A healthier life in the right light
It has long been proven that daylight has a positive influence on physical and mental health. Nevertheless, this knowledge is rarely used in everyday life or in clinical practice. The Integrative Human Circadian Daylight Platform aims to change this over the next few years. The interdisciplinary project, led by the University of Basel, is supported by the Velux Foundation with more than two million Swiss francs.
19 September 2022 | Yvonne Vahlensieck
“Many older people, even healthy ones, suffer from poor sleep quality,“ says Dr. Mirjam Münch. “They sleep less deeply and wake up frequently.“ The sleep researcher and chronobiologist suspects that a lack of daylight contributes to the problem. In an ongoing study, she is investigating whether daylight in combination with other low-threshold measures can improve sleep quality in the long term.
This study is just one example of the various endeavours of the Integrative Human Circadian Daylight Platform iHCDP. The project was launched last September and is led by Professor Christian Cajochen, Director of the Centre for Chronobiology, at the University Psychiatric Clinics, Basel. Funding of over two million Swiss francs for the next four years is provided by the Velux Foundation Switzerland.
The aim of the platform is to promote daylight research - both through its own research projects and by supporting the interdisciplinary exchange of scientists with the help of a data hub and collaboration with national and international partners.
In addition, daylight research will be linked with the fields of aging research and ophthalmology. The public will also gain better access to and benefit from the findings of this research. “What is new about our platform is that it connects experts on very different levels,“ says program coordinator Dr. Miriam Ries. The platform is divided into three modules, which are dedicated to basic research, application-oriented research and the development of new therapies, respectively.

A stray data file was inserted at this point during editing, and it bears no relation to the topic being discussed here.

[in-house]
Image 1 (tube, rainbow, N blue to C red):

Improving indoor lighting
Dr. Mirjam Münch leads the module that promotes the implementation of scientific findings from daylight research into the everyday environment: For example, her study on the sleep quality of elderly people could help architects to take into account the influence of daylight when building retirement homes. It is also conceivable that guidelines for optimal lighting design in public buildings could be derived from it. “We assume that long-term implementation of such approaches can improve the health of everyone, not just the elderly,“ she says.
The exact biological mechanisms behind the positive effects of daylight, however, are not yet fully understood. That is why a second module of the platform focuses on the physiological effects of daylight. Current findings indicate that light in the non-visual spectrum triggers signals on the retina of the eyes. These signals are then transmitted to the brain and set the internal clock. The head of this module is Professor Manuel Spitschan at the Max Planck Institute for Biological Cybernetics in Tübingen and at the Technical University of Munich.
Light can heal
Finally, the third module aims to advance the development of light-based therapies. “Light information from the environment is transmitted to the core biological clock in the hypothalamus via specialized cells in the retina of the eye,“ Münch says.
“Nowadays, we are often exposed only to electric lighting, which makes it difficult for biological clocks to distinguish between day and night, in part because there is too little light during the day and too much light in the evening.“ Combined with other factors that interfere with the synchronization of the circadian day/night rhythm, this can increase the long-term risk of numerous diseases - from diabetes and cardiovascular disease to sleep disorders and depression.
To test innovative treatments with a chronotherapeutic approach, Dr. Corrado Garbazza will soon establish a Circadian Health Clinic at the Center for Chronobiology. The potential of this approach is illustrated in a recently published study by his research group: half an hour of light therapy for six weeks significantly reduced the risk of depression during or following pregnancy.
The platform wants to keep the public informed about the latest findings in daylight research at various events and via digital channels. This is also intended to increase public awareness of how important light exposure is to well-being. “We want to share our results with the general population as much as possible,“ Münch says. “Science should not hide in its ivory tower.“